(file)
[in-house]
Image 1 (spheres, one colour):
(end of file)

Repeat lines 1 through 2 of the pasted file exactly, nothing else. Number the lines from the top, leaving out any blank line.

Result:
[in-house]
Image 1 (spheres, one colour):